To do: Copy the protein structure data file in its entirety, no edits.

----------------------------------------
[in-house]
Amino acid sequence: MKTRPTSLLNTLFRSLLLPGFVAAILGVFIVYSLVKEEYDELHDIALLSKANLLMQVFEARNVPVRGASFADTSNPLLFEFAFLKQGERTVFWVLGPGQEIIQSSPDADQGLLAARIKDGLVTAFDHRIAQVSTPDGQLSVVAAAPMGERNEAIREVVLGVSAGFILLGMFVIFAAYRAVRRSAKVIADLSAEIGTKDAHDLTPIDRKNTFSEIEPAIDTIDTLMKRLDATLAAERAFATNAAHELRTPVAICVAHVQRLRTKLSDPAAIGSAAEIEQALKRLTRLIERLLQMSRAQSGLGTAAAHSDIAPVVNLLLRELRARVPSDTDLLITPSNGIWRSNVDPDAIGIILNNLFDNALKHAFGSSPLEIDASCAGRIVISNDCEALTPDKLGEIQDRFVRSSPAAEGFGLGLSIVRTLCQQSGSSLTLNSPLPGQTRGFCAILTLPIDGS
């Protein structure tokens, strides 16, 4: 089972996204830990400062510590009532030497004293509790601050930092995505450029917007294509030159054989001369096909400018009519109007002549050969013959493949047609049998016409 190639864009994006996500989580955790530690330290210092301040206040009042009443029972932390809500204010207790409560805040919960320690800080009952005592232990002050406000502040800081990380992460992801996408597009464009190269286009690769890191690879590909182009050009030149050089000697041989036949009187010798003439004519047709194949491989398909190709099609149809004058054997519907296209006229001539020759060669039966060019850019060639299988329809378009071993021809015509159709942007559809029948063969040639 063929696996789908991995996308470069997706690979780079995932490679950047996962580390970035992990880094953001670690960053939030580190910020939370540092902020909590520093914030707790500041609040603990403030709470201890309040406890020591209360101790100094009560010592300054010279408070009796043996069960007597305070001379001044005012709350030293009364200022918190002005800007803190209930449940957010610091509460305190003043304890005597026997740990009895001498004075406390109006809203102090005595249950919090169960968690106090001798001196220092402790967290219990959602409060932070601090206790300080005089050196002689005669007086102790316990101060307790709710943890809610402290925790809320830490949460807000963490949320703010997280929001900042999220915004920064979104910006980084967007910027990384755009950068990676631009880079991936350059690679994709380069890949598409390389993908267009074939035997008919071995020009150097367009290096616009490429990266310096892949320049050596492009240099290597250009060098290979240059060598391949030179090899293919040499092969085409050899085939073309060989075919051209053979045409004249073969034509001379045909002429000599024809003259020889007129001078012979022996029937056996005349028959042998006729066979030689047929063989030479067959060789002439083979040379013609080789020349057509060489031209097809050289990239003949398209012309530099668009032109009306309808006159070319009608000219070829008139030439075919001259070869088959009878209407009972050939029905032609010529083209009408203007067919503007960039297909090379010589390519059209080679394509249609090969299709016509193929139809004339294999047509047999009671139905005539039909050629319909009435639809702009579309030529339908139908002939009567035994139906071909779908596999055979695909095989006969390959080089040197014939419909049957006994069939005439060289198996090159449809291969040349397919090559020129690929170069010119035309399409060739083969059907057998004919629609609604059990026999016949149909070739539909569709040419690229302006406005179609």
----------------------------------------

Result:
[in-house]
Amino acid sequence: MKTRPTSLLNTLFRSLLLPGFVAAILGVFIVYSLVKEEYDELHDIALLSKANLLMQVFEARNVPVRGASFADTSNPLLFEFAFLKQGERTVFWVLGPGQEIIQSSPDADQGLLAARIKDGLVTAFDHRIAQVSTPDGQLSVVAAAPMGERNEAIREVVLGVSAGFILLGMFVIFAAYRAVRRSAKVIADLSAEIGTKDAHDLTPIDRKNTFSEIEPAIDTIDTLMKRLDATLAAERAFATNAAHELRTPVAICVAHVQRLRTKLSDPAAIGSAAEIEQALKRLTRLIERLLQMSRAQSGLGTAAAHSDIAPVVNLLLRELRARVPSDTDLLITPSNGIWRSNVDPDAIGIILNNLFDNALKHAFGSSPLEIDASCAGRIVISNDCEALTPDKLGEIQDRFVRSSPAAEGFGLGLSIVRTLCQQSGSSLTLNSPLPGQTRGFCAILTLPIDGS
């Protein structure tokens, strides 16, 4: 089972996204830990400062510590009532030497004293509790601050930092995505450029917007294509030159054989001369096909400018009519109007002549050969013959493949047609049998016409 190639864009994006996500989580955790530690330290210092301040206040009042009443029972932390809500204010207790409560805040919960320690800080009952005592232990002050406000502040800081990380992460992801996408597009464009190269286009690769890191690879590909182009050009030149050089000697041989036949009187010798003439004519047709194949491989398909190709099609149809004058054997519907296209006229001539020759060669039966060019850019060639299988329809378009071993021809015509159709942007559809029948063969040639 063929696996789908991995996308470069997706690979780079995932490679950047996962580390970035992990880094953001670690960053939030580190910020939370540092902020909590520093914030707790500041609040603990403030709470201890309040406890020591209360101790100094009560010592300054010279408070009796043996069960007597305070001379001044005012709350030293009364200022918190002005800007803190209930449940957010610091509460305190003043304890005597026997740990009895001498004075406390109006809203102090005595249950919090169960968690106090001798001196220092402790967290219990959602409060932070601090206790300080005089050196002689005669007086102790316990101060307790709710943890809610402290925790809320830490949460807000963490949320703010997280929001900042999220915004920064979104910006980084967007910027990384755009950068990676631009880079991936350059690679994709380069890949598409390389993908267009074939035997008919071995020009150097367009290096616009490429990266310096892949320049050596492009240099290597250009060098290979240059060598391949030179090899293919040499092969085409050899085939073309060989075919051209053979045409004249073969034509001379045909002429000599024809003259020889007129001078012979022996029937056996005349028959042998006729066979030689047929063989030479067959060789002439083979040379013609080789020349057509060489031209097809050289990239003949398209012309530099668009032109009306309808006159070319009608000219070829008139030439075919001259070869088959009878209407009972050939029905032609010529083209009408203007067919503007960039297909090379010589390519059209080679394509249609090969299709016509193929139809004339294999047509047999009671139905005539039909050629319909009435639809702009579309030529339908139908002939009567035994139906071909779908596999055979695909095989006969390959080089040197014939419909049957006994069939005439060289198996090159449809291969040349397919090559020129690929170069010119035309399409060739083969059907057998004919629609609604059990026999016949149909070739539909569709040419690229302006406005179609």